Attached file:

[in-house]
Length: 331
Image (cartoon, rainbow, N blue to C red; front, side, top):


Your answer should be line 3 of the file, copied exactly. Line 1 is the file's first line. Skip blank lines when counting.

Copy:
Image (cartoon, rainbow, N blue to C red; front, side, top):